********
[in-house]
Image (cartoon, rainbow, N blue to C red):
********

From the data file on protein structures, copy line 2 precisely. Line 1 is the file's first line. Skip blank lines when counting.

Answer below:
Image (cartoon, rainbow, N blue to C red):